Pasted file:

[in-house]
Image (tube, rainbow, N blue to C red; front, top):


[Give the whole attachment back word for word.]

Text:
[in-house]
Image (tube, rainbow, N blue to C red; front, top):